Good to Glitch
I’ve posted a couple of times on how flabbergasted I am when I see someone dismissed out of hand by potential employers because of a single C in Macroeconomics or some other “glitch” on a transcript, as if any flaw was a sign that the vase would shatter under the first sign of pressure and must be scrapped, melted back down without delay. Here’s one of the real, human stories behind the paper imperfections that can doom a person’s career, at least in realms where paper perfection is paramount.
Andrew Sullivan had recently posted a call to all gay people to come out of the closet, and he’s received a number of responses about times when it was maybe not such a good idea under the circumstances. Here’s one:
I wanted to respond to your post regarding the necessity of coming out. I came out to my mom during my first year of law school after falling in love with a wonderful man. Being from a Catholic and Latin American background, she did not take it very well. She wanted to put me in reparative therapy and was extremely verbally abusive until I was finally forced to move out of my home during my final week of exams.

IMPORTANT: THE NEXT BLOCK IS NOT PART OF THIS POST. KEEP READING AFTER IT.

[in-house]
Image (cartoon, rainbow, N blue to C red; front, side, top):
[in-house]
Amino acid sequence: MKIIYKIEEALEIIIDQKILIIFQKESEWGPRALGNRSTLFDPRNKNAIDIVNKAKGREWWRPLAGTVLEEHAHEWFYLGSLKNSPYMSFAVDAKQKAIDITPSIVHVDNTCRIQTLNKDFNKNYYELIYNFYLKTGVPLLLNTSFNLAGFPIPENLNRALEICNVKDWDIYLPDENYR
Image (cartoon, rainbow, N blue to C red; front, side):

As you can imagine, I did terribly that semester. I had to sleep in my car and on friends’ couches until I was able to figure out whether to stay in law school or quit. I decided to finish school, and I recently graduated. But bad grades in my first year of law school severely limited my job employment opportunities as an attorney. Fortunately, I have been able to rely on my computer science skills from college and have landed a well-paying job in the legal technology field. However, had I never come out to my mom, I am pretty sure I would have received excellent grades and had a successful career as an attorney.
So what would Jim Collins or Marissa Mayer make of this story? Perhaps they would have chided the young man for “losing focus,” if not by falling in love then certainly by declaring it to mom. Or perhaps told him to drop out of law school, seeing as how his “glitch” had damned him career-wise anyway. Never mind the character he displayed by gutting it out, or by moving out in the first place rather than backing down or “retracting” his sexuality. But I suppose great empires are not built on “weak” wood like this.